The result of an early phase of a clinical trial led by Johns Hopkins investigators indicates that a new, minimally invasive weight loss treatment known as bariatric arterial embolization is safe and effective in sustaining weight loss in severely obese people.
The data, although preliminary, show the procedure seems to initiate weight loss, dramatic hunger reduction and lower levels of ghrelin, one of the main hormones involved in controlling hunger. The results will be presented at the Society of Interventional Radiology's 2016 Annual Scientific Meeting in Vancouver, British Columbia, on Sunday, April 3.
‘Bariatric arterial embolization is another tool for health care providers to offer patients in the effort to curb obesity.’
Advertisement"Obesity is a highly prevalent, detrimental and costly disease in the U.S. and abroad," says Clifford Weiss, M.D., associate professor of radiology and radiological science and director of interventional radiology research at the Johns Hopkins University School of Medicine. "The interventions currently available to treat this condition are behavioral modifications, diet and exercise, medications, and invasive surgery. We're excited about the possibility of adding bariatric arterial embolization as another tool for health care providers to offer patients in the effort to curb this epidemic."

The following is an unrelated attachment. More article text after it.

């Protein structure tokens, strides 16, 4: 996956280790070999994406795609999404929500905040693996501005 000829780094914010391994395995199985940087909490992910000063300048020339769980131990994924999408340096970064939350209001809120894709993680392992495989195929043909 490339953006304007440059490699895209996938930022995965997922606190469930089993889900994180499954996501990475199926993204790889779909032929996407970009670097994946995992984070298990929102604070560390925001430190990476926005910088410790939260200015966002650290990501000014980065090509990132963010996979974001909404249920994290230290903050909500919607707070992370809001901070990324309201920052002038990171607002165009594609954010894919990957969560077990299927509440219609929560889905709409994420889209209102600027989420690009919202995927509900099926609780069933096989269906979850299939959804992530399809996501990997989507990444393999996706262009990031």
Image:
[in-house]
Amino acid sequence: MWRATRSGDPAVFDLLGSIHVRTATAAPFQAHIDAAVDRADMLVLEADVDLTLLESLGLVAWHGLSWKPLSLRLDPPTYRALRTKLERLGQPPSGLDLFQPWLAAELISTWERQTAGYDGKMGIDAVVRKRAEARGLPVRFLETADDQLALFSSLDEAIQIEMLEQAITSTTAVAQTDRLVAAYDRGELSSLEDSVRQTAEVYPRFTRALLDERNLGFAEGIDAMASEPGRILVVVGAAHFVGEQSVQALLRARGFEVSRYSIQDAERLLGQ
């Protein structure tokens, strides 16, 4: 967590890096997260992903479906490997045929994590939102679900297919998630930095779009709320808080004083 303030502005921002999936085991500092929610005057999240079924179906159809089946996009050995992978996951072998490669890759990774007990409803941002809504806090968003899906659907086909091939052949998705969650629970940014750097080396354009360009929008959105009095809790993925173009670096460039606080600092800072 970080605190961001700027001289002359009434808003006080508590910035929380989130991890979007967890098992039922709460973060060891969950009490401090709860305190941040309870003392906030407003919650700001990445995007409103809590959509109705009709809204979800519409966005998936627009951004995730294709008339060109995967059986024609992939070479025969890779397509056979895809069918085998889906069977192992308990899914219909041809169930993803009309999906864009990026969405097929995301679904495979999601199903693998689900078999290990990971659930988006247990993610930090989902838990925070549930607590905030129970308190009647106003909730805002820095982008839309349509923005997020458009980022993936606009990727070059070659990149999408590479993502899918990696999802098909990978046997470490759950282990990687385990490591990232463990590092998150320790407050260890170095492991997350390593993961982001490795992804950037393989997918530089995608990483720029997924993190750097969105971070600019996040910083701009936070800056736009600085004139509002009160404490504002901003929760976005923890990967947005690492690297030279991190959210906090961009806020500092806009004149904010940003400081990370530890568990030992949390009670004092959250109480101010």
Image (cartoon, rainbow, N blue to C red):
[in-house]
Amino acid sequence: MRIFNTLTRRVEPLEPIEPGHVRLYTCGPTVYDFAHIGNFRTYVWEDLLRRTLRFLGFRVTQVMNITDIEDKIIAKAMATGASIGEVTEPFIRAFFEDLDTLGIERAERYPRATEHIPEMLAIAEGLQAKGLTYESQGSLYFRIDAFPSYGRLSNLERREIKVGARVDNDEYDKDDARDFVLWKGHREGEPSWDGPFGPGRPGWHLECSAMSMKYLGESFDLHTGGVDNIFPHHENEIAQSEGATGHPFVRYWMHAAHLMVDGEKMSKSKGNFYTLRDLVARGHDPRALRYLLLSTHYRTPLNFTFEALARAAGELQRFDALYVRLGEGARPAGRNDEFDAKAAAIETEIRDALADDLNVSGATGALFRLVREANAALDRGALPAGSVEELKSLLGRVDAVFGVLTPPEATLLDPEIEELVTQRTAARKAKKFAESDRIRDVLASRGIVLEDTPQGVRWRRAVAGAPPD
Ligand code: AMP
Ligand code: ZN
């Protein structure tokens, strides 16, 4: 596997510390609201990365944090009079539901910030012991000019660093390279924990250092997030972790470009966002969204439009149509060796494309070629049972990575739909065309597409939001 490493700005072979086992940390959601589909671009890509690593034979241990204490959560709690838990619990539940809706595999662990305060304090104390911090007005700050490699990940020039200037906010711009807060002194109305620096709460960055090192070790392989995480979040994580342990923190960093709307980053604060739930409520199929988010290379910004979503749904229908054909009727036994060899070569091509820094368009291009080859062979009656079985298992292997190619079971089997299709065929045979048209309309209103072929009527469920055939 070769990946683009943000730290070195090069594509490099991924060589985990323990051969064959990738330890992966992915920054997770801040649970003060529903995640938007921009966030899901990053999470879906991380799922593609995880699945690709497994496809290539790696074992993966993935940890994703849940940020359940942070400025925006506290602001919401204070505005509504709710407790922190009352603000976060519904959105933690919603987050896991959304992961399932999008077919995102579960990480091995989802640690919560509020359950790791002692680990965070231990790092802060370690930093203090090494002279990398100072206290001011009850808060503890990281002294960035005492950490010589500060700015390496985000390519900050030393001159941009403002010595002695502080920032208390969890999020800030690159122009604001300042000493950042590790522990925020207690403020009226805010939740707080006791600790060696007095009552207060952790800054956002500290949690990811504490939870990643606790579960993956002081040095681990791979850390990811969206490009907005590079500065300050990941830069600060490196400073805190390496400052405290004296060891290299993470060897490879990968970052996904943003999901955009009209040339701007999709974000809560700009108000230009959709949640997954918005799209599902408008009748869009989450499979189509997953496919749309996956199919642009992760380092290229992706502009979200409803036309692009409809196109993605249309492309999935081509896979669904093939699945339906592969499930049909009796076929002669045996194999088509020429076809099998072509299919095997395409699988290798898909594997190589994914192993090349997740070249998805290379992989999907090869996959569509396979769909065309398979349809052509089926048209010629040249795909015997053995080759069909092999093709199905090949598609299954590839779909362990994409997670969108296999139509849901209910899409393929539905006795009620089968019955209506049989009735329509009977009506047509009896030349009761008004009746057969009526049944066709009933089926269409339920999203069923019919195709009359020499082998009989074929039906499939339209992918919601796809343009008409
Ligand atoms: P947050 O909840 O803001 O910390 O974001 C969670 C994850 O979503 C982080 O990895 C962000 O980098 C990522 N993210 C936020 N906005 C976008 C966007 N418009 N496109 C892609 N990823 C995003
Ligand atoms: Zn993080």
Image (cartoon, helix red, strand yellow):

Johns Hopkins researchers, along with former Johns Hopkins faculty member Aravind Arepally, designed the Bariatric Embolization of Arteries for the Treatment of Obesity (BEAT Obesity) pilot clinical trial. The trial included a multidisciplinary team of weight loss physicians, physiologists, hormone specialists, gastroenterologists, registered dieticians, psychologists and surgeons. As part of this trial, Weiss and his team enrolled seven mostly female participants (six women) ages 31 to 59 who were severely obese but otherwise healthy. Participants had a body mass index (BMI) ranging from 40 to 50, far above the obesity threshold level of a BMI of 30. Participants were enrolled at the Johns Hopkins Weight Management Center. Investigators tracked the subjects' weight loss, ghrelin levels, hunger and satiety assessments, and adverse events at one, three and six months.
Each participant was educated on ways to implement critical lifestyle and diet changes before and after the procedure. Participants then underwent a bariatric arterial embolization, an image-guided procedure that involves the injection of microscopic beads through a small catheter inserted in a tiny nick in the skin of the groin or wrist. The beads are targeted to a portion of the stomach known as the fundus, which produces the vast majority of the body''s ghrelin. The beads decrease blood flow, limiting the secretion of ghrelin, thereby minimizing hunger and initiating weight loss, researchers hypothesize.
In these seven patients, bariatric embolization was safe, with no major adverse events reported. All patients demonstrated weight loss and dramatic hunger reduction levels after the procedure. Ghrelin levels also trended down.